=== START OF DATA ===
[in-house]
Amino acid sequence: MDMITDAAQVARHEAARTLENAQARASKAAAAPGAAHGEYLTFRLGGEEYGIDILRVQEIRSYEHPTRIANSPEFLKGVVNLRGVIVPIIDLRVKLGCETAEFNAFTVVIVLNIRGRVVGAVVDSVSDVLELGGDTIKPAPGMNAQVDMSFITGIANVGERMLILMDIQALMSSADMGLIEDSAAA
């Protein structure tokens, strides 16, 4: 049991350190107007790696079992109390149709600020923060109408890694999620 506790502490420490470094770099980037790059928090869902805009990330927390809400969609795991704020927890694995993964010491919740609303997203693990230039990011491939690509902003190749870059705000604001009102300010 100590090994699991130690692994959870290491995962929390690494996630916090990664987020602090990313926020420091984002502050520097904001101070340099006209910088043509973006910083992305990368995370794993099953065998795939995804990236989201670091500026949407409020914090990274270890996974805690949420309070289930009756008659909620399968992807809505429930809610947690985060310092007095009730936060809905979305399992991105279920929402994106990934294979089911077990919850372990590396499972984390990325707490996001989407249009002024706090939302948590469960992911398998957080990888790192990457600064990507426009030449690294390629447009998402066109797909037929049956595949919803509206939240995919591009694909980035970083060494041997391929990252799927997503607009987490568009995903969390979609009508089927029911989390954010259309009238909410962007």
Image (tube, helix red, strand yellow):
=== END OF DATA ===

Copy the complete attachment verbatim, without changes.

[in-house]
Amino acid sequence: MDMITDAAQVARHEAARTLENAQARASKAAAAPGAAHGEYLTFRLGGEEYGIDILRVQEIRSYEHPTRIANSPEFLKGVVNLRGVIVPIIDLRVKLGCETAEFNAFTVVIVLNIRGRVVGAVVDSVSDVLELGGDTIKPAPGMNAQVDMSFITGIANVGERMLILMDIQALMSSADMGLIEDSAAA
């Protein structure tokens, strides 16, 4: 049991350190107007790696079992109390149709600020923060109408890694999620 506790502490420490470094770099980037790059928090869902805009990330927390809400969609795991704020927890694995993964010491919740609303997203693990230039990011491939690509902003190749870059705000604001009102300010 100590090994699991130690692994959870290491995962929390690494996630916090990664987020602090990313926020420091984002502050520097904001101070340099006209910088043509973006910083992305990368995370794993099953065998795939995804990236989201670091500026949407409020914090990274270890996974805690949420309070289930009756008659909620399968992807809505429930809610947690985060310092007095009730936060809905979305399992991105279920929402994106990934294979089911077990919850372990590396499972984390990325707490996001989407249009002024706090939302948590469960992911398998957080990888790192990457600064990507426009030449690294390629447009998402066109797909037929049956595949919803509206939240995919591009694909980035970083060494041997391929990252799927997503607009987490568009995903969390979609009508089927029911989390954010259309009238909410962007």
Image (tube, helix red, strand yellow):